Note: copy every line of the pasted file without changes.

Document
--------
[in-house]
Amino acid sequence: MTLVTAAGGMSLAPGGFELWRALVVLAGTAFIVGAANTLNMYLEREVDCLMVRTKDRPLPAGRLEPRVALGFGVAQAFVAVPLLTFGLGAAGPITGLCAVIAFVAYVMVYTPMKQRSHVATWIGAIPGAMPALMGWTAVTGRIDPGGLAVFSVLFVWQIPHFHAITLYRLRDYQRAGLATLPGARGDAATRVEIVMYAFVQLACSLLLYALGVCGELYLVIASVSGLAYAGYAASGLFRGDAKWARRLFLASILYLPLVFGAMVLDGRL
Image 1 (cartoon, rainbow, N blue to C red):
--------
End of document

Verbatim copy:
[in-house]
Amino acid sequence: MTLVTAAGGMSLAPGGFELWRALVVLAGTAFIVGAANTLNMYLEREVDCLMVRTKDRPLPAGRLEPRVALGFGVAQAFVAVPLLTFGLGAAGPITGLCAVIAFVAYVMVYTPMKQRSHVATWIGAIPGAMPALMGWTAVTGRIDPGGLAVFSVLFVWQIPHFHAITLYRLRDYQRAGLATLPGARGDAATRVEIVMYAFVQLACSLLLYALGVCGELYLVIASVSGLAYAGYAASGLFRGDAKWARRLFLASILYLPLVFGAMVLDGRL
Image 1 (cartoon, rainbow, N blue to C red):